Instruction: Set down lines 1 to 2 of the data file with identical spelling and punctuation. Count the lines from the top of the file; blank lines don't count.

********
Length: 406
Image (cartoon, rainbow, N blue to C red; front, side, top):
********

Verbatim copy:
Length: 406
Image (cartoon, rainbow, N blue to C red; front, side, top):